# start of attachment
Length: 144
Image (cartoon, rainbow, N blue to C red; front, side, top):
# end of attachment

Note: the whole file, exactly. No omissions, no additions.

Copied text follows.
Length: 144
Image (cartoon, rainbow, N blue to C red; front, side, top):